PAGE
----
Palestinians Break Fast Amid Rubble of Demolished Home


Members of the Fawaqa family had been at the hospital with their newborn baby when Israeli forces demolished their home in Sur Baher, a neighborhood on the city’s fringes.

Kaamil Ahmed

JERUSALEM (AA): On the side of a hill with a sweeping view of the Israeli-occupied West Bank, near the rubble of a demolished home in a district of East Jerusalem, activists and members of the local community broke their Ramadan fasts together on Wednesday.

They gathered next to a pile of crushed stone and twisted steel — once the home of the Fawaqa family — to share a meal and their stories of Israeli bulldozers leveling Palestinian houses in occupied East Jerusalem.

Members of the Fawaqa family had been at the hospital with their newborn baby when Israeli forces demolished their home in Sur Baher, a neighborhood on the city’s fringes.

“The home was destroyed and now we can’t stay in it,” Ashraf Faqawa told Anadolu Agency, recalling the sight that met him when he returned from the hospital.

Since their home was destroyed in early May, members of the family have remained in a tent they set up next to what had once been their home.

Ashraf’s wife recalled how their three young daughters had been confused when they came back from school.

“They asked me, ‘How is there no house?’ They had left in the morning and returned to this problem. This is our situation,” she lamented.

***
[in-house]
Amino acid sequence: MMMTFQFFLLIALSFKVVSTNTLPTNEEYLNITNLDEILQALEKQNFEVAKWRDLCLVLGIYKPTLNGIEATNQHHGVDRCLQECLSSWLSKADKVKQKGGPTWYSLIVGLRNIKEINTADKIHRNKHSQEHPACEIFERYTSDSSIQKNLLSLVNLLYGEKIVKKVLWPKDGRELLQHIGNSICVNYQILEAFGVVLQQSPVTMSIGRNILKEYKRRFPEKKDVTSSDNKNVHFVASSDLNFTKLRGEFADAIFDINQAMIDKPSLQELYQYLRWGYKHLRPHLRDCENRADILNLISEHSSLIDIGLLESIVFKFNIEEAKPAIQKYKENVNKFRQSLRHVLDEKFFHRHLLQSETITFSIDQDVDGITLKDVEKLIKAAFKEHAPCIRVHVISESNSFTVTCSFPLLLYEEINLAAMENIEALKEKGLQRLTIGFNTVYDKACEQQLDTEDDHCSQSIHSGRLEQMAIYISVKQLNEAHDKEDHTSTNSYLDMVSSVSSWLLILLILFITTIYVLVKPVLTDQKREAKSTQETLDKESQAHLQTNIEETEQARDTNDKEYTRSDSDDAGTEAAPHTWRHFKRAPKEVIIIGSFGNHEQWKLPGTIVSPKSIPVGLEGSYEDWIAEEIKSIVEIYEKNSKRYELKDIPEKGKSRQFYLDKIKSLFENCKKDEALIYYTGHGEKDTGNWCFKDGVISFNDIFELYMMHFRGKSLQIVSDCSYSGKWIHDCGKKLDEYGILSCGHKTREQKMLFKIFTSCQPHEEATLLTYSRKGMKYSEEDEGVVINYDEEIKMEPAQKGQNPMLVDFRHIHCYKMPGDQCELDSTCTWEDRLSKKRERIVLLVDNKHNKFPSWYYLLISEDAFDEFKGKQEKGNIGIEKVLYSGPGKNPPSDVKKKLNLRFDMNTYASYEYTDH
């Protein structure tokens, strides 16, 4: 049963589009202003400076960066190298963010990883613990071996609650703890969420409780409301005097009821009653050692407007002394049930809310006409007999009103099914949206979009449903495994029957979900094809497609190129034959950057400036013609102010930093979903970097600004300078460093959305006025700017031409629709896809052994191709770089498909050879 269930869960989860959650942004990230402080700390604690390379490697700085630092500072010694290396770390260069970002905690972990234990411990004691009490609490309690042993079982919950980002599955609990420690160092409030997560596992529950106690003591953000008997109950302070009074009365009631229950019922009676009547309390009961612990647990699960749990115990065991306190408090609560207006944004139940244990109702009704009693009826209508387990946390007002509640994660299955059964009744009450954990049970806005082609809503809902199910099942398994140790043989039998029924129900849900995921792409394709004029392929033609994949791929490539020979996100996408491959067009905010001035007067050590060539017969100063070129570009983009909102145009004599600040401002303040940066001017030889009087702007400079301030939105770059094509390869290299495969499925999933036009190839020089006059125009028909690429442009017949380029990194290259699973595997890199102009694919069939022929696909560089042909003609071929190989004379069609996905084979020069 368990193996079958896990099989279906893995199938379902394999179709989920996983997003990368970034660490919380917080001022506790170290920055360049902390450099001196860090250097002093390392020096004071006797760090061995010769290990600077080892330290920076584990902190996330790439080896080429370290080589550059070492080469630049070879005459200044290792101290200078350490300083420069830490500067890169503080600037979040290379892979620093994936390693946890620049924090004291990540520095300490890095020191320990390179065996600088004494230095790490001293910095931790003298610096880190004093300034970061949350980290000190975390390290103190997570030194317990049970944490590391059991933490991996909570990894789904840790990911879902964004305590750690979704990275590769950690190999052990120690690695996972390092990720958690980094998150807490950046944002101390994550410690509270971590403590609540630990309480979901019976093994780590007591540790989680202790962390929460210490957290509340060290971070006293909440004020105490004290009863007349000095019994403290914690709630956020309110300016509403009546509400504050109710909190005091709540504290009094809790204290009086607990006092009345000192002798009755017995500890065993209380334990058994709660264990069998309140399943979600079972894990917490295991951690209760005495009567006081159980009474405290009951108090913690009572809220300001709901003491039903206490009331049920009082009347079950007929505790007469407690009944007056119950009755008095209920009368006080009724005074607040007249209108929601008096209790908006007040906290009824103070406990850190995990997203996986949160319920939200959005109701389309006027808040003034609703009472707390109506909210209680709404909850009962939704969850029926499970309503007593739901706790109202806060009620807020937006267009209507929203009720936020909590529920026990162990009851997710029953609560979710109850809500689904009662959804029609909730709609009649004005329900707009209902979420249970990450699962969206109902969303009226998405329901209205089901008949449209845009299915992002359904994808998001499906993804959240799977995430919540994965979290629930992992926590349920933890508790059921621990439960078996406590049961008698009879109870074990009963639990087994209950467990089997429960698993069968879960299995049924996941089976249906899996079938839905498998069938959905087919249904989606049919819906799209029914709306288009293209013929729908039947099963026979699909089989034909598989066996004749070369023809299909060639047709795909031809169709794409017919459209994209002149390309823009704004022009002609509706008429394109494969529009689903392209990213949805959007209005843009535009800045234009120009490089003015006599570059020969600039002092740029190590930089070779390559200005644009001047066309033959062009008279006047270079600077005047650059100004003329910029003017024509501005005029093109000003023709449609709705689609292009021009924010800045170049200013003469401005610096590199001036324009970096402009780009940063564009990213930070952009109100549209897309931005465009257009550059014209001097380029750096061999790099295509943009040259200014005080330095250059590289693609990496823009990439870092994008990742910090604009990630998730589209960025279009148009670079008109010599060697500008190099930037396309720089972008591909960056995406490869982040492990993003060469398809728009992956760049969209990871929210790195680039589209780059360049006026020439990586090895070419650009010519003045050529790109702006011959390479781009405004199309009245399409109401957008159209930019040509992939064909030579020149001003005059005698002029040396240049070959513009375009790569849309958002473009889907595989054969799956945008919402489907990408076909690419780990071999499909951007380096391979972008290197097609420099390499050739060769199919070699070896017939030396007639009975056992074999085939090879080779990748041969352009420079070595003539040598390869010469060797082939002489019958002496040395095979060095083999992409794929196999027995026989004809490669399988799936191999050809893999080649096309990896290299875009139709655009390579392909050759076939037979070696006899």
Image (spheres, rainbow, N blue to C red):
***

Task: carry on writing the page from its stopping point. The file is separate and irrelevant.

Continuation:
Palestinian lawyers and activists — along with others whose homes were demolished — shared their stories at the sunset gathering, breaking their fasts with a spread made up of their own contributions and donations from local Palestinian businesses.

When the breakfast’s organizers visited Palestinian shops in East Jerusalem to tell them about the event, shopkeepers told them to take whatever they needed.


“House demolition was the most terrible event I have gone through in my life,” said Nureddin Amro, the founder of a school for blind children in East Jerusalem’s Wadi al-Joz district, whose family was asleep when Israeli bulldozers came to their home in 2015.

“It’s a demolishing of humanity,” he said, “a demolishing of human beings, a demolishing of life.”

“My kids suffered very difficult psychological problems. They cannot forget it easily,” he added sadly.

Israel’s policy on home demolitions generally targets structures ostensibly built without construction permits, which Palestinians say are expensive and hard to come by.

Last year, the UN’s Office for the Coordination of Humanitarian Affairs recorded almost 1,100 home demolitions or seizures by Israel in the occupied West Bank and East Jerusalem.

According to the same agency, the practice has continued — at an unprecedented rate — since the beginning of 2017.

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